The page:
It’s not a theme park in the traditional sense, but Paradise Park on Oahu in Hawaii. I loved the mirror maze, the maze where the floor moved (like a moving sidewalk), and all the birds. It had a huge aviary as well as birds like flamingos that just wandered around freely. Plus there were fun hula shows and multiple different gardens to explore. Grew up there in the late 80s, early 90s. I think it closed in like 1996?
When I was growing up in Pennsylvania Knoebels was the greatest place in the world. I loved the wooden roller coaster, the Phoenix, and the Cosmotron, as well as other classic thrill rides. The atmosphere is part storybook, part county fair. It’s still going strong!
Though it’s unfortunately no more, Deer Forest in Coloma, MI was my sister’s and my favorite place to go in the summer. It’s a hard place to describe: part zoo, part amusement park, part art installation, all in the middle of the woods in Southwest Michigan. On top of the namesake deer they had more exotic animals like peacocks and camels (that you could ride!). They had a Ferris wheel and a few other little rides that you wouldn’t find anywhere else, plus a train ride through the park. And there was “storybook lane,” which was a bunch of sculptures based around nursery rhymes. The gift shop sold everything from peacock feathers to rock candy. So many fond memories of the place–if we could’ve gone there every week when we were kids, we would have.
Here’s an article with pics from when the abandoned park was auctioned off in 2015, after years of decline (and unfortunately animal abuse by a new owner who claimed he was going to save it): Deer Forest, once popular family attraction in Coloma, goes on the block - mlive.com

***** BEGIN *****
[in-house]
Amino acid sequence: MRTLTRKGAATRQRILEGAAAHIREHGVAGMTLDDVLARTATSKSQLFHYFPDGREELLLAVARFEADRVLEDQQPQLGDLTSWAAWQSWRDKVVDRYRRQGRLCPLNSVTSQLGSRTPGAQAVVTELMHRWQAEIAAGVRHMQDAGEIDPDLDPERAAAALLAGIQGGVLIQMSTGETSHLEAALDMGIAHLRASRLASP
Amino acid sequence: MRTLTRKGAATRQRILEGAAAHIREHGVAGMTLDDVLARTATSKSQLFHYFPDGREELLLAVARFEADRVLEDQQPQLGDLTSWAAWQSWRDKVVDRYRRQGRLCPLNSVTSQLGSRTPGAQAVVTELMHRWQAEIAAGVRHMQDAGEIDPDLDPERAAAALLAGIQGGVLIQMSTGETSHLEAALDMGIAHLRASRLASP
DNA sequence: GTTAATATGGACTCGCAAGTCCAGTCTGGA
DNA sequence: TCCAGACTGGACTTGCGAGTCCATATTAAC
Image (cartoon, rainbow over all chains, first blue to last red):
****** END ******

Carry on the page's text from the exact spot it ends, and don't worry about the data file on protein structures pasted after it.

In hindsight, even disregarding the later animal abuse by the new owner, this was probably not the best place for exotic animals to live. But still, looking at these pictures makes me nostalgic.
The oldest amusement park in the world is Bakken in Klampenborg Denmark.
The park was built in the 1980s on Martin Mere (the largest lake in England until it was drained in the 17th century) and was tied to dubious mythology around Sir Lancelot. If that sounds grand, it wasn’t. The park was pretty small and relatively unimpressive in comparison to the nearby likes of Alton Towers and Blackpool (never mind exotic sites further afield such as Legoland and Disneyworld). Still, it did have the UK’s only full-time jousting arena back in the day.
Camelot wasn’t hugely successful, failing to attract visitors and changing owners numerous times. Whereas other parks are famed for their rides, Camelot probably received more attention for coming joint-bottom in a survey of healthy eating options at the UK’s tourist attractions in 2006.
The park closed in 2012 after a really poor summer (the owners of the time blamed bad weather, the London Olympics and the Queen’s Diamond Jubilee). Most of the rides were sold to other parks though some still remain on the abandoned site. Plans to turn the place into housing developments keep on falling through so what was once an Arthurian theme park stays as it was - a rusty forgotten world of merry olde England magic vaguely remembered from childhood.